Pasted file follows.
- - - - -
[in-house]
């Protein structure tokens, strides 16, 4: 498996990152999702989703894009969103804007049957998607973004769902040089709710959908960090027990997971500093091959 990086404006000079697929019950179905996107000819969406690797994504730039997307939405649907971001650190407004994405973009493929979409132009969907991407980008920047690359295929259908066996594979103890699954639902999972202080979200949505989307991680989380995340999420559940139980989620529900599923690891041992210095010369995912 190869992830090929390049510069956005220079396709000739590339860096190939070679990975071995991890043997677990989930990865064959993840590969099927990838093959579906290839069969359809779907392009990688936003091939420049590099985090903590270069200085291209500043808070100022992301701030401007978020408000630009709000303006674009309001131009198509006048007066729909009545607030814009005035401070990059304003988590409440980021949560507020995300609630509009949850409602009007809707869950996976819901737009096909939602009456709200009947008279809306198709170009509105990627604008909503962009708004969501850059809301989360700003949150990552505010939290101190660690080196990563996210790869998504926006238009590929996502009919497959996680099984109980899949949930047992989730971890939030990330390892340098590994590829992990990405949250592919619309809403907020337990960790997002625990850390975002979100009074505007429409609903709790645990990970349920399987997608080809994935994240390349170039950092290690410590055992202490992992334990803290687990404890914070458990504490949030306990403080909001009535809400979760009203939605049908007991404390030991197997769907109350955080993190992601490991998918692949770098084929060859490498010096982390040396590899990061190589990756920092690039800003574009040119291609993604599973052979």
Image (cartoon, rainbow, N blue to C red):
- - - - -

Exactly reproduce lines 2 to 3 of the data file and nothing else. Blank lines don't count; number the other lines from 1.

């Protein structure tokens, strides 16, 4: 498996990152999702989703894009969103804007049957998607973004769902040089709710959908960090027990997971500093091959 990086404006000079697929019950179905996107000819969406690797994504730039997307939405649907971001650190407004994405973009493929979409132009969907991407980008920047690359295929259908066996594979103890699954639902999972202080979200949505989307991680989380995340999420559940139980989620529900599923690891041992210095010369995912 190869992830090929390049510069956005220079396709000739590339860096190939070679990975071995991890043997677990989930990865064959993840590969099927990838093959579906290839069969359809779907392009990688936003091939420049590099985090903590270069200085291209500043808070100022992301701030401007978020408000630009709000303006674009309001131009198509006048007066729909009545607030814009005035401070990059304003988590409440980021949560507020995300609630509009949850409602009007809707869950996976819901737009096909939602009456709200009947008279809306198709170009509105990627604008909503962009708004969501850059809301989360700003949150990552505010939290101190660690080196990563996210790869998504926006238009590929996502009919497959996680099984109980899949949930047992989730971890939030990330390892340098590994590829992990990405949250592919619309809403907020337990960790997002625990850390975002979100009074505007429409609903709790645990990970349920399987997608080809994935994240390349170039950092290690410590055992202490992992334990803290687990404890914070458990504490949030306990403080909001009535809400979760009203939605049908007991404390030991197997769907109350955080993190992601490991998918692949770098084929060859490498010096982390040396590899990061190589990756920092690039800003574009040119291609993604599973052979």
Image (cartoon, rainbow, N blue to C red):